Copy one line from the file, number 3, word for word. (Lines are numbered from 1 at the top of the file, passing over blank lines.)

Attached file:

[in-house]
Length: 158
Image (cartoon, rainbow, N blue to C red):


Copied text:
Image (cartoon, rainbow, N blue to C red):